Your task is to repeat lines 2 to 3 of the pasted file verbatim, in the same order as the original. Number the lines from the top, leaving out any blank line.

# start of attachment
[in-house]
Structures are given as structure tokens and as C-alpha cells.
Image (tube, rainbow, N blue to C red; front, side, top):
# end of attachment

Structures are given as structure tokens and as C-alpha cells.
Image (tube, rainbow, N blue to C red; front, side, top):